There's nothing about Annie that screams that she has to be inherently white and red-headed. It's not something intrinsic to the character. Some cunt on another website compared it to Anne Hathaway playing Harriet Tubman.
Which actually sounds hilarious.
Is Sandra Bullock going to play Daddy Warbucks in this new interpretation?
If she can indeed sing, she'll be terrific.
This makes much more sense than the idea that Grace would be played by an African-American actress (which is what happened in the last remake, and seemed to defy all logic for what 1930s America was like).
Yeah - they have to do a MAJOR re-work and set this some time after the 1960s if it is going to work.
Please. Annie is a ridiculous fable is there ever was one. Even for a musical the stage version is over the top. No reworking will be required. I doubt they're going to bring Spike Lee in to insert a speech about race relations delivered by that dumb hotel Lili St Regis.
I guess Annie will now be carrying a purse.
They're inserting a scene where Sandy is turned into a purse by Mrs. Hannigan in a fit of rage. Little Girls is sang to her sewing machine.
Annie survives because it is every gay man's fantasy: finding a rich, sexy, bald topdaddy who will shower you with gifts.
so theyre going to paint her white every day and give her an orange weave?
doesn't that seem like an excessive amount of work?
They should've cast Madonna as DeDe Warbucks.
She is a tad bit dark for the role.
Annie is traditionally a WHITE little girl. No?
It actually looks kind of interesting - seems like it's set in the present day from the costumes.
I can't imagine Cameron Diaz singing though; she's pretty tone-deaf from what I remember of her karaoke scene in My Best Friend's Wedding.
You saw the original cast, r27? You're truly the first person I have ever, ever heard say they preferred the movie to the original Broadway cast. (Not that you're not entitled to your opinion.)
Dat sun'll come on out, yeah baby, you betcha, tuhmaury povich!
I don't understand the deal with all the (racially-tinged) comments in this thread. Annie isn't some sacred cow - it's one of the most overplayed productions by schools and community theaters ever, and is frankly one of the easiest shows to imagine being reinterpreted or updated to a different setting (and one of the shows most badly in need of it). The broad outlines (lovable poor orphan girl has her life transformed when she's taken in by a rich sugar daddy) is one that's easy to imagine in different time periods, cultural settings, countries, etc. Hell, set the damn thing in Vietnam or Russia and it would still work.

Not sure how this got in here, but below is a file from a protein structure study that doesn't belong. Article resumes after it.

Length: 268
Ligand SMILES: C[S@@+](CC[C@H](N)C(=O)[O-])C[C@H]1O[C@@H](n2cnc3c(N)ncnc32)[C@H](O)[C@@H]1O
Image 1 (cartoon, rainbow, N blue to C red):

Some people are so caught up in whether the orphan girl has lily-white skin and is going to have Cheetoh-orange curls - I mean no one, white or black, has that as their natural hair color. I don't know whether this production will be any good, but all the comments about how she'll need to wear an "orange weave" or sing in ghetto-slang are stupid.
"Cheetoh-orange curls - I mean no one, white or black, has that as their natural hair color."
You obviously didn't have gym class with David Lund.
The trailer for this is out - it looks completely inoffensive. I don't know how good Cameron will be as Ms. Hannigan, but otherwise it looks fine, and didn't really merit all the street-slang digs in this thread.
[quote]one of the easiest shows to imagine being reinterpreted or updated to a different setting (and one of the shows most badly in need of it).
Why, pray tell, is Annie badly in need of being updated to a different setting? Is Depression era NYC somehow NOT appropriate to the material?
"Reinterpreting" is the lazy craftsman's way of pretending to be a real artist.
R38, because creators and story-tellers like to tell stories to audiences that they can relate to by moving material out of time periods and places that are no longer familiar or meaningful to them (and probably contain cultural references or messages that don't hold much weight), OR they like to give new life to the material by relating an older story to the modern or a different world and showing how its tales and characters still have relevance?
To many, "Annie" is sort of a joke, a safe kid's musical that merely serves as a launching pad for ambitious child actresses, BUT its Depression-era setting helps underline the wish-fulfillment aspect of it and the severe class divide between the haves and have-nots. I'm not expecting high art from this remake at all, but I don't think it's strange to set one in modern day NYC, where there's so much focus on the divide between the 99% and the 1%, between Harlem and Wall Street.
And good lord, get that stick out of your ass and have some imagination - it's okay if the original setting was "appropriate" to the material, but it's also okay to come up with new settings that are also "appropriate". Sheesh, do you get your panties in a twist every time someone creates an update to "Romeo & Juliet" and moves it out of 16th century Verona?
R37, that was a bad trailer. I hope the movie's better.
I saw this girl in some interviews when she was nominated for an Oscar and she's a little snot. Not a cute and charming kid at all.
It's going to be a disaster.
Are they bringing back zombie FDR?
From the looks of the trailer, they will clean up on the Razzie Awards next year...maybe Will Smith's troll daughter would have been better. For a musical, they didn't showcase too many songs....hmmmm Can't wait for the reviews.